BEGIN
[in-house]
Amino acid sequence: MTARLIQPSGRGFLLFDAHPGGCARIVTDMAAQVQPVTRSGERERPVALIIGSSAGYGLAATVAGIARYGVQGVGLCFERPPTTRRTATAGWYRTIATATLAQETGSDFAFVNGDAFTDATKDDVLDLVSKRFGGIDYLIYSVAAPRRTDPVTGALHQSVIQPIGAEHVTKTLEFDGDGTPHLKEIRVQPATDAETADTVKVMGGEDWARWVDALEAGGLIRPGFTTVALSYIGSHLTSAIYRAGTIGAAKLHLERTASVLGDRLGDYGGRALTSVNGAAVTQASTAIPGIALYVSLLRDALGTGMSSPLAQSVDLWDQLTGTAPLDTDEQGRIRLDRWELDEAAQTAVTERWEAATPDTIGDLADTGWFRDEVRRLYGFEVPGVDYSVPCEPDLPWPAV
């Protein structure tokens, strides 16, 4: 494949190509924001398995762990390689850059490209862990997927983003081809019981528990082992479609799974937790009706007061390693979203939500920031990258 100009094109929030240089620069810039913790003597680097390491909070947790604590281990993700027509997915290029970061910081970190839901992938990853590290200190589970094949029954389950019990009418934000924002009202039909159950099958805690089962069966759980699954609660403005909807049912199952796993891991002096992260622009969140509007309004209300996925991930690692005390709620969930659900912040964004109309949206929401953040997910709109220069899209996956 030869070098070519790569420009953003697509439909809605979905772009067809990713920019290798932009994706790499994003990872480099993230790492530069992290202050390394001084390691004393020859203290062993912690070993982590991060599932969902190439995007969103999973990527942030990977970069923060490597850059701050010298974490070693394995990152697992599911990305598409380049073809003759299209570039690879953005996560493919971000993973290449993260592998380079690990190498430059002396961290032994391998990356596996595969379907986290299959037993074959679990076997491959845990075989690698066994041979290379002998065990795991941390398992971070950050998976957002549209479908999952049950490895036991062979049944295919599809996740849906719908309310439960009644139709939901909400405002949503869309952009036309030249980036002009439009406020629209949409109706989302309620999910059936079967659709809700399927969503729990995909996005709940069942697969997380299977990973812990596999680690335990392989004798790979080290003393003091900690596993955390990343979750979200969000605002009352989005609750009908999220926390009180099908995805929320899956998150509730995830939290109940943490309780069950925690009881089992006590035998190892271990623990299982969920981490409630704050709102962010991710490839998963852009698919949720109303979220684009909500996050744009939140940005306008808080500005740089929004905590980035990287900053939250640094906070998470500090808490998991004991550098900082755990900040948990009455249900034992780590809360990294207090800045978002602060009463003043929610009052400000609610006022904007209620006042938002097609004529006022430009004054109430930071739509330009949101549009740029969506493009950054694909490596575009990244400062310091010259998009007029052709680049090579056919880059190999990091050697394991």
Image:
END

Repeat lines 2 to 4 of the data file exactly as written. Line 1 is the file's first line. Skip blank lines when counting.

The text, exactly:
Amino acid sequence: MTARLIQPSGRGFLLFDAHPGGCARIVTDMAAQVQPVTRSGERERPVALIIGSSAGYGLAATVAGIARYGVQGVGLCFERPPTTRRTATAGWYRTIATATLAQETGSDFAFVNGDAFTDATKDDVLDLVSKRFGGIDYLIYSVAAPRRTDPVTGALHQSVIQPIGAEHVTKTLEFDGDGTPHLKEIRVQPATDAETADTVKVMGGEDWARWVDALEAGGLIRPGFTTVALSYIGSHLTSAIYRAGTIGAAKLHLERTASVLGDRLGDYGGRALTSVNGAAVTQASTAIPGIALYVSLLRDALGTGMSSPLAQSVDLWDQLTGTAPLDTDEQGRIRLDRWELDEAAQTAVTERWEAATPDTIGDLADTGWFRDEVRRLYGFEVPGVDYSVPCEPDLPWPAV
């Protein structure tokens, strides 16, 4: 494949190509924001398995762990390689850059490209862990997927983003081809019981528990082992479609799974937790009706007061390693979203939500920031990258 100009094109929030240089620069810039913790003597680097390491909070947790604590281990993700027509997915290029970061910081970190839901992938990853590290200190589970094949029954389950019990009418934000924002009202039909159950099958805690089962069966759980699954609660403005909807049912199952796993891991002096992260622009969140509007309004209300996925991930690692005390709620969930659900912040964004109309949206929401953040997910709109220069899209996956 030869070098070519790569420009953003697509439909809605979905772009067809990713920019290798932009994706790499994003990872480099993230790492530069992290202050390394001084390691004393020859203290062993912690070993982590991060599932969902190439995007969103999973990527942030990977970069923060490597850059701050010298974490070693394995990152697992599911990305598409380049073809003759299209570039690879953005996560493919971000993973290449993260592998380079690990190498430059002396961290032994391998990356596996595969379907986290299959037993074959679990076997491959845990075989690698066994041979290379002998065990795991941390398992971070950050998976957002549209479908999952049950490895036991062979049944295919599809996740849906719908309310439960009644139709939901909400405002949503869309952009036309030249980036002009439009406020629209949409109706989302309620999910059936079967659709809700399927969503729990995909996005709940069942697969997380299977990973812990596999680690335990392989004798790979080290003393003091900690596993955390990343979750979200969000605002009352989005609750009908999220926390009180099908995805929320899956998150509730995830939290109940943490309780069950925690009881089992006590035998190892271990623990299982969920981490409630704050709102962010991710490839998963852009698919949720109303979220684009909500996050744009939140940005306008808080500005740089929004905590980035990287900053939250640094906070998470500090808490998991004991550098900082755990900040948990009455249900034992780590809360990294207090800045978002602060009463003043929610009052400000609610006022904007209620006042938002097609004529006022430009004054109430930071739509330009949101549009740029969506493009950054694909490596575009990244400062310091010259998009007029052709680049090579056919880059190999990091050697394991």
Image: